Jun 28, 2017

How to Become a Tennis Coach


Tennis is a popular sport among men and women of all ages. Many tennis players play the game on amateur and professional teams and tennis coaches organize these teams and provide instruction on the basics of the sport and help players improve their games.

What does a tennis coach do?

Tennis coaches work to train tennis players for competition by organizing and holding practice sessions to help improve form, stamina, skills, and technique. They are experts on the techniques, strategies, and rules of tennis and have sound knowledge of safety and equipment. Tennis coaches help players stay fit and incorporate various exercises such as running or footwork drills and hitting practice. They also provide advice regarding diet and promote healthy eating. Tennis coaches also instill good sportsmanship and teamwork and manage their teams during practices and competitions. However, often times, tennis coaches are prohibited from providing instruction to players during competitions. Tennis coaches may perform additional tasks such as choosing and storing equipment and supplies.

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Tennis coaches work for secondary school, college, and professional tennis teams along with teams established by community organizations and recreational facilities. Some work with individual players at clinics, clubs, and campus specifically intended for instruction. Tennis coaches who work at the college level often spend time scouting tennis players to contribute to team success.

What kind of training does a tennis coach need?

All tennis coaches must have extensive knowledge of how the game is played, rules and regulations, and strategies. Many tennis coaches gain their experience and training from playing the sport themselves. Others, especially tennis coaches working for college or professional tennis teams, often have a bachelor"s degree in a sports-related area such as sports science, physical education, or nutrition and fitness. College tennis coaches are often required to obtain certification from professional organizations such as the United States Professional Tennis Association.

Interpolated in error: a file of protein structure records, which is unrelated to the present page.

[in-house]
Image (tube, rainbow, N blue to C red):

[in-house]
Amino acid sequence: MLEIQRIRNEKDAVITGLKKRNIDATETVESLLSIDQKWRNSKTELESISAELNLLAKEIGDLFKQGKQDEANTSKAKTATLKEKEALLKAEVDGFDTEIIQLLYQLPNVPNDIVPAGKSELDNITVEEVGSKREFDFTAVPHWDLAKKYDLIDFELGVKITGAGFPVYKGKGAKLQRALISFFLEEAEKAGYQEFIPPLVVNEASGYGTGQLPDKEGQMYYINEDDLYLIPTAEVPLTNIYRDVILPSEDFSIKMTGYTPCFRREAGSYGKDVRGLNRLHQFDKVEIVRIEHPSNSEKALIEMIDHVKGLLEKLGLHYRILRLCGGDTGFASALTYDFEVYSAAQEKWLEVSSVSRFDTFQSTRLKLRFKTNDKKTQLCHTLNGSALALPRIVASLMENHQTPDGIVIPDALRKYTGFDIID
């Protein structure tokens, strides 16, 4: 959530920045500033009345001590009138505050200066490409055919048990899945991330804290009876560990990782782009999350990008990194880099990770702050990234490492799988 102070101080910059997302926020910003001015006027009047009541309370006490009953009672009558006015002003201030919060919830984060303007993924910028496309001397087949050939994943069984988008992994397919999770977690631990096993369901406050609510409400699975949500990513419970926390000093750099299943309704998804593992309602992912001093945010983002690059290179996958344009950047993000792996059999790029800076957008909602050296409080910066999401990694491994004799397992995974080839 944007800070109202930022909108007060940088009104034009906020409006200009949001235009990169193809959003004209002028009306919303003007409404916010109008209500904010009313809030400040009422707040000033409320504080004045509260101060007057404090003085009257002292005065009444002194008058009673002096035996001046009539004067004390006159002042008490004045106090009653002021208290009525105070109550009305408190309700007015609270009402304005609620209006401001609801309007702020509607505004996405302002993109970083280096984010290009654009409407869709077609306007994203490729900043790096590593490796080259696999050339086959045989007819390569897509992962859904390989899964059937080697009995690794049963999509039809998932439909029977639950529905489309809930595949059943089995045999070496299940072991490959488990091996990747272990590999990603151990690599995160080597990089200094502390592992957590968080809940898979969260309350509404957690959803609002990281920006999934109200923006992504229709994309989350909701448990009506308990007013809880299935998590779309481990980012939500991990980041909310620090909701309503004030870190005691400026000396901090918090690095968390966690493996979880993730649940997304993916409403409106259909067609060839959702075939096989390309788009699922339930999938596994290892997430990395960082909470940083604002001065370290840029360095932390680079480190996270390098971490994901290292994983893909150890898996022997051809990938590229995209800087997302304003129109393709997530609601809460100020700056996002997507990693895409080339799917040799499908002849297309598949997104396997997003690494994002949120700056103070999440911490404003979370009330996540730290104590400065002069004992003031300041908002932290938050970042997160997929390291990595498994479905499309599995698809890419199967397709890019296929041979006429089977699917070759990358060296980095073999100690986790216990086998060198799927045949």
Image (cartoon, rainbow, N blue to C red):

What are the prospects for a career as a tennis coach?

Employment of all coaches is expected to increase by 23 percent through 2018 (1). This growth rate is much faster than average for all professions. A growing population and increased participation in the game of tennis will fuel demand. The increasing number of retirees anticipated to participate leisurely in tennis will also boost job growth. Additional tennis coaches will also be needed to meet the needs of school and college athletic programs.

Job prospects for tennis coaches are expected to be good with keen competition for high-level competitive tennis teams. Tennis coaches with certification will have the more favorable job opportunities.

How much do tennis coaches make?

As of June 2011, the average annual salary for tennis coaches is between $19,458 and $69,634 (2). Actual average annual salaries for tennis coaches may significantly differ on location, employer, education, and years experience.




A job as a tennis coach is an excellent choice for individuals with a true passion for the sport and the desire to provide guidance to a wide range of tennis players. Tennis coaches must have good communication and leadership abilities and relate well to others. They must be flexible to meet the needs of players and work to motivate individuals and groups of players.

Take the Next Step….

Are you serious about becoming a tennis coach? Then you need to get the required skills and training to do it! To start your new career, first you must decide what school you want to enroll in, so you need to gather info about potential schools. Use the  College Mouse Course Search tool  to find the right course and college for you, and get started towards your new dream job today! If you want more personalized assistance, call (888) 389-7996 TOLL FREE to speak with a college advisor, who will help you find the best college for you. After you sign up for your course, make sure you fill out and submit the FAFSA so you can take advantage of any financial aid currently available to you!

(1) SOURCE: Bureau of Labor Statistics, Occupational Outlook Handbook, 2010-2011 Edition

(2) SOURCE: Payscale.com, Salary Survey Report

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